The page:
A National Parks Service employee got a free concert on her porch in Alaska when a young moose dropped by to play her wind chimes.
"Interactions with wildlife happen daily here in Alaska," says Britta Schroeder, who filmed the moose with her cellphone from her cabin in Healy, about 10 miles (16 kilometers) north of the entrance to Denali National Park and Preserve.
"But this behavior was novel to me," says Schroeder, who has seen moose frequently in the park and even in her yard.
"Although the latter half of the video shows the moose chewing on the [glass] pendulum, for the first half you can see the animal simply nuzzling the chimes," she says.
Schroeder works as a cartographer for the National Parks Service and was inspired to work in that field and move to Alaska after seeing the 1994 Alaska National Geographic map and the 1996 issue of the magazine on national parks (this year, the centennial of the park service, is marked by a year of special parks coverage by Nat Geo).
Schroeder believes the moose is one of two calves born last spring. She had seen the pair with their mother frequently around her home up until last March, when they parted ways—a time when moose "teenagers" may strike off on their own. (Watch rare video of a moose shedding an antler.)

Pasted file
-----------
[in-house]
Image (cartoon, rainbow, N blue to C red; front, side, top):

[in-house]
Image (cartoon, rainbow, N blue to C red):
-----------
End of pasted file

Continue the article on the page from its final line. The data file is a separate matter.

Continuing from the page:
Other internet video shows a male, or bull, moose with its antlers apparently stuck in wind chimes.
Moose biologist Bill Samuel of the University of Alberta says the calf in Schroeder's video might have thought the chimes looked edible, since "it kept putting it in its mouth."
In fact, the moose damaged the wooden base of the chimes, although Schroeder was able to repair them.
The incident happened on the evening of May 4. Schroeder was home when she heard tinkling chimes and a thump on her porch. Her dog's ears perked up, so she looked outside to see what was going on.
Now Schroeder says she is excited to share the video and "marvel at the unique behavior."